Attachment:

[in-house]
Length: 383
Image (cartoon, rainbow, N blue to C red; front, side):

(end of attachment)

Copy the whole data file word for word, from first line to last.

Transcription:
[in-house]
Length: 383
Image (cartoon, rainbow, N blue to C red; front, side):